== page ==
See you later, swaddling? After analyzing the data from four previous studies, a new study published in the journal Pediatrics found that babies who were swaddled were up to 50%-60% more likely to die of SIDS than babies who were not swaddled. The highest percentages of SIDS deaths were reserved for babies who were swaddled and then placed on their bellies (which is a discouraged sleeping position for babies anyway). Swaddled babies who were approaching six months of age also had increased risks of SIDS, likely due to the fact that they are moving more and working on rolling over, which could lead to overheating and dislodging the swaddle from its tucked position into one that potentially obscures breathing. But don’t stash away that sleeping lifesaver right away: the researchers can’t explain the link yet, and some doctors who don’t recommend swaddling for nighttime sleep say that it can be used under observation, such as when your tot is taking a nap near you. It also should be noted that swaddling was defined differently in the four studies, which spanned two decades and several countries. The most recent recommendations for infant sleep still hold: putting baby down on her back in a crib with a fitted sheet and nothing else (sleep sacks and wearable blankets in the appropriate size are OK). That sound you just heard? That was millions of parents crying at the thought of one less bedtime trick up their sleeve.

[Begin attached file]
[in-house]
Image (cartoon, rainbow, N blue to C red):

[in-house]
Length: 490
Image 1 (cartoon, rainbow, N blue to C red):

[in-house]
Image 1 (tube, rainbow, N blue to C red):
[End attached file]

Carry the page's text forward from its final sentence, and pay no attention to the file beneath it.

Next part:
Lead image via Inhabitots